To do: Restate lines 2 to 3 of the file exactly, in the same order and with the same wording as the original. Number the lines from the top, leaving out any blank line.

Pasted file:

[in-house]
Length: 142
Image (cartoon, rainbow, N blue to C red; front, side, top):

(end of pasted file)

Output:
Length: 142
Image (cartoon, rainbow, N blue to C red; front, side, top):